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Andres Soolo
Works at Knitten Development
Lives in Éire
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Andres Soolo

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Yet another bunch of dinosaur necromancer is having hard times. Good.
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Andres Soolo

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Expect rescheduling in the harshest category — together with the horrible, horrible cannabis — shortly.

Researchers evaluated 24 studies from January 1990 to December 2014 that looked at the cognitive benefits associated with taking modafinil. They found that while the so-called smart drug made little difference to creativity or working memory, it did improve decision-making and planning. The performance-enhancing capacity of modafinil varied depending on what task was being tested, with the cognitive-enhancing effects being most consistent with longer and more complex tasks. The findings were detailed in the journal European Neuropsychopharmacology.
 

Modafinil seems to be the first ‘smart drug’ that is reasonably safe for healthy people.
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Yes, it talked about particular cognitive skills, which isn't typically what people mean when they say "smarter." And if the effects aren't permanent, can you really say you're smarter? Seems like clickbait, making a study that really says, "This drug affects the brain" (not very surprising, since most drugs do) sound like something notable.
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Firm demanded £90 from Carol Highsmith for alleged copyright violation of her own photo.
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Big business is always looking for a way.
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Andres Soolo

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And now for a sociological study of Troll Pride, the utterly counterintuitive phenomenon (provided that the intuition has been trained on a dualist system of morality):

In research published this June in the journal PLoS One, Stahel studied comments on online petitions published on a German social media platform between 2010 and 2013. The data included 532,197 comments on about 1,600 online petitions. Commentators could choose to be public or anonymous. Contrary to expectations, the commentators with the harshest words during mass public attacks were more likely to be the name-identified ones than the anonymous ones (less than a third of commentators kept their names private).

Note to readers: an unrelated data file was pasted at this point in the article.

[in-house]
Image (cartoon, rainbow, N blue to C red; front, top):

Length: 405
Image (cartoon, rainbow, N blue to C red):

That suggests we may need to rethink our efforts to encourage or enforce civility online. “Our results also do not support claims that prohibiting online anonymity will make the online world a better world,” Stahel explained by email. “The main point is that prohibiting anonymity online will not settle this ‘problem’ of firestorms.”

Indeed, for some trolls, online aggression is rewarded in their social networks, and is often a deliberate public signal. People are actually trying to enforce social norms against a perceived violation by a public figure or group. That means individuals are rewarded and perceived as more credible in their group once they are identified, argues Jurgen Pfeffer, a computer science professor at Carnegie Mellon.”In such structures it is very likely that, if somebody says something aggressive, the majority of the group says ‘Yeah,'” he explained by email.

I believe the detailed data that permitted reaching this conclusion has been available to +Vic Gundotra and +Yonatan Zunger for a few years now. It would have been nice if it would have been published in a research journal.
Anonymity, we assume, is the breeding ground for bad behavior on the internet. Not necessarily.
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I'm afraid we never had clean datasets of the sort that you could use in a published paper. Doing proper science is a lot of work, and if you're already completely swamped doing engineering, it tends to fall by the wayside. :) That's the real reason we never published anything.
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Patreon is a website that enables creators to tap into their fan bases for financial backing. These patrons can choose to give a bit of money to creators for every piece they create, or simply provide a monthly stipend. In return, creators give patrons special access to their projects, and even send patrons (who've furnished a mailing address) physical tokens of gratitude -- from completed works to personalized letters.

Patreon has in a short time enabled thousands of creators to focus more of their time on their art. Unfortunately, until very recently, there were limits on who, exactly could use the platform, with a lot of gray area around adult content creators.

Fortunately for all of us, Patreon is based out of the Bay Area, where a number of early adopters made the case for adult subjects in art, as well as the importance of allowing access for all creators, many of whom are part of communities that are discriminated against in the job market.

Patreon listened. Last week, they sent out an e-mail announcing that their battle with payment processors had finally reached a happy conclusion. Now, Patreon adult content creators can at last accept payments through PayPal.

It's hard to describe exactly how big a win this is. But for how long? We must not forget that the 2016 Republican platform has targeted adult content online as a "public health crisis." The battle is long from won.
Thanks to the crowdfunding site, PayPal just got a little more porn friendly.
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No porn creates more of a public health crisis, than real life assassinations porn. Current news is like 50% snuff movies.